Camfed International, the educational charity that was the subject of the FT’s Seasonal Appeal, is to start work this year in Malawi, its fifth African country, thanks to the generosity of readers who have so far donated £1,330,325 ($2.6m, €1.78m) to our campaign.

British-based Camfed is dedicated to educating girls from poor backgrounds in Africa, and the FT’s appeal has already raised enough money to put more than 4,400 girls through secondary education. The charity is now aiming to raise £1.5m by the end of January when the FT campaign ends – enough to put 5,000 girls through school.

Announcing the move into Malawi, Ann Cotton, Camfed’s executive director, said: “The phenomenal success of the FT Seasonal Appeal so far has enabled us to make the commitment now.” Camfed already works in three southern African countries – Zimbabwe, Zambia and Tanzania – as well as in Ghana.

The charity said the selection of Malawi followed an invitation from the government and Camfed’s estimation that need for its work was great, since girls in the country had far less access to education than boys.

“Our experience in the other countries in the region puts Camfed in a strong position to support the Malawi government in extending access to education for girls in rural areas,” said Ms Cotton.

The FT supported Camfed’s work in its 2006 seasonal appeal, which raised more than £600,000. With the 2007 total already more than double that, Ms Cotton said: “The incredible generosity of the FT readership has awed us this year ... support for 5,000 girls is well within our grasp. With this support we can significantly extend our contribution towards the internationally agreed targets of equality in education and education for all.”

The FT’s appeal has been helped by commitments from several large donors to match readers’ contributions. The Sofronie Foundation and the Skoll Foundation formed a funding partnership that matched reader donations up to a total of £375,000 ($750,000). The Hunter Foundation, founded by Sir Tom Hunter, the Scottish entrepreneur, gave a £100,000 matching contribution, as did Peter Sherratt, a vice-chairman of Lehman Brothers and deputy chairman of the Camfed board.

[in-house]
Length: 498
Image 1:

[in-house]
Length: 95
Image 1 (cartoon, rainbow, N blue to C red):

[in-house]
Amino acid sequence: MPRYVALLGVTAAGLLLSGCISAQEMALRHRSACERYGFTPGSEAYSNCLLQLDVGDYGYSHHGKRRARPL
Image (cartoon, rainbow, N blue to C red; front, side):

A series of articles in the FT in November and December outlined the work of the charity, which argues that educating girls is the quickest route to alleviating poverty in Africa. This is backed by a growing body of academic research.

Gene Sperling, director of the Center for Universal Education at the US Council on Foreign Relations, said: “Instead of the case for education simply being that each year at school increases incomes by 10 per cent, now it is seen as the intervention that reaps some of the highest returns, especially on health, infant mortality and Aids.”

Camfed’s main work is in secondary education but it also provides some support at primary level and is increasingly helping girls obtain training in running small rural businesses. It carries out its work in close conjunction with local institutions, which keeps its costs low (89 per cent of its budget goes directly to aid) and gives those on the ground a stake. It is also ­distinctive in the close pastoral care it gives each girl and in its alumni association, a social and business networking club.

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